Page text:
As tens, if not hundreds, of  thousands of gamers hopped aboard the hate-laden dissension train and ever increasing levels of vitriol were directed towards BioWare and its staff I was disgusted by the actions of these gamers and their “Take Back Mass Effect” campaign.

That they couldn’t understand that you cannot take back something that was never yours and seemed to assume they represented gamers everywhere was too much. BioWare compounded things with their small concession and we see many smaller incidents around the gaming sphere now and crowd-funding will only increase feelings of entitlement and ownership.

These are worrying times and its difficult to be optimistic that common sense will prevail. Gaming has fought for decades to become an acceptable hobby and yet as we were getting there it seems that gamers want to give their detractors all the ammunition they need. I just hope gamers prove me wrong.


  1. I also love Burnout on Gamecube, and lost count of the hours poured into Paradise on PS3

  2. I also loved those games except the Mass Effect series. I still can’t see why they were so popular.

  3. Got my Burnout platinum on a meet here, 3 years after the game had been released :)

  4. Yeah, those Burnout Paradise meets were absolute classics, Thursday for cars and Sunday for bikes if I remember, I think we saw everyone complete the challenges eventually with a variety of teamwork….well, chasing after lost drivers to give them a nudge anyway :P
    Liquescentshadow, Shockwave, Manor, Badboyboogie, to name a few of the regulars….oh and a very young Tobo!

    • I think we did get the regulars all their challenges and I was actually one of the last, spending all the time getting those that others needed. I wonder how many times we’d done the Wildcats Meet by the time we stopped. I remember sometimes doing it two or three times a night as different people joined and left.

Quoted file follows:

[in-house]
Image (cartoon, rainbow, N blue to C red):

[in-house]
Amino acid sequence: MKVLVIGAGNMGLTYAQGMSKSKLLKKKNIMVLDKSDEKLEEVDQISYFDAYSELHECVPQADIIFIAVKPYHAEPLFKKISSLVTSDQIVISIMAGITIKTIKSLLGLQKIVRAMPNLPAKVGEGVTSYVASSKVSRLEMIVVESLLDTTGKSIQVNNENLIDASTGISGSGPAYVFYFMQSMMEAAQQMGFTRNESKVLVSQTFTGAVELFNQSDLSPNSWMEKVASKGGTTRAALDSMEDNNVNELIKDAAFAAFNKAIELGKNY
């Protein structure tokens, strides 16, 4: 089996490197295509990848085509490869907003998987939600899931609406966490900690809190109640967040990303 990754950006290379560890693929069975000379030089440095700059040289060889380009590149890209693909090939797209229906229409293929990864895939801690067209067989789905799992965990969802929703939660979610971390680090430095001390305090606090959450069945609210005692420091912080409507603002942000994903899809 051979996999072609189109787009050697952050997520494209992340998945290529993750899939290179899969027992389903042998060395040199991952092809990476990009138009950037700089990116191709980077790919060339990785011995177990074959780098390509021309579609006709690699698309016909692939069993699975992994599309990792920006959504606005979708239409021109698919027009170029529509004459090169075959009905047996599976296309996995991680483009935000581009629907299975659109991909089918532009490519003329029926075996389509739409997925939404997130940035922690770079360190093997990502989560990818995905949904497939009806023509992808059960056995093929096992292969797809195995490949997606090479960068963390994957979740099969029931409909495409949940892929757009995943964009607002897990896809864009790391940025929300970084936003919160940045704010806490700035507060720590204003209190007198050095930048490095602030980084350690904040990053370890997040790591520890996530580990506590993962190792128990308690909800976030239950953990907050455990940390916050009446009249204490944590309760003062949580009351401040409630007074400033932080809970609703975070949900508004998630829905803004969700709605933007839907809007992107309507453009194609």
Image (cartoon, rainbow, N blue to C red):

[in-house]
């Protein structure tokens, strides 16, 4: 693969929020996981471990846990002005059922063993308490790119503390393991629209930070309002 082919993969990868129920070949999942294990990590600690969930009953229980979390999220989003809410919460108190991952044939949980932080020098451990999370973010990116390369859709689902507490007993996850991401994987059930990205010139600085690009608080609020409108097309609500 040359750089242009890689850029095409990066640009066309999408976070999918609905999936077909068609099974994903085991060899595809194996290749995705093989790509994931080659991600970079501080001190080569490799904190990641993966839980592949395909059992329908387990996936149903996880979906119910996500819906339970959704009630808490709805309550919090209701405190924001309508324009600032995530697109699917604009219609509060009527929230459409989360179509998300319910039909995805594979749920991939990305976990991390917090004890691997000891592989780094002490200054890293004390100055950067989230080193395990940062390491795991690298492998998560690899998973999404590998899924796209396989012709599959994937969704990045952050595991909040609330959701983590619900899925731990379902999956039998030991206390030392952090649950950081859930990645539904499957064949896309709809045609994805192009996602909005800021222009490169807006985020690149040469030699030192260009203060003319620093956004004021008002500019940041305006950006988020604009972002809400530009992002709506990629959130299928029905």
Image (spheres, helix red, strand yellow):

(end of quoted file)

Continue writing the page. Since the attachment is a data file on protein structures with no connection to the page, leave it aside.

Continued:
• I think the challenge that alluded you for so long was the “turn back time”? where as a team we had accumulate oodles of flat spin off the Rockridge cliff but it was a tad glitched and kept resetting peoples flatspin scores to zero…..or something like that! Many many attempts lol.

      • Yeah, that was trying to collectively get 30(?) 360 flatspins in 2 minutes or something. What a nightmare that was with all the inadvertent (mostly) takedowns on the curves on the way back up and the run up to the jump itself.

      • Nearly; after a quick check the challenge consisted of 6 players on a timer with 7:30 mins (originally 5:00 before patch) to accumulate 6000° of flatspin combined in between accidental? takedowns on the hillclimb. :P

    • By far, my favorite game on the PS3. So many hours and so much fun. The 102% in my avatar pic is all TSA’s fault!!! :)

  5. Now this is a very good account of what happened with respect to Mass Effect 3. As I’ve played it later on, when it became part of PS plus, I didn’t get what was going on at the time. But when playing the game through, I loved it and couldn’t believe how gamers reacted this stupid to the ending, irrespective whether you like it or not. Well, maybe we just shouldn’t expect gamers to be more clever than the general public…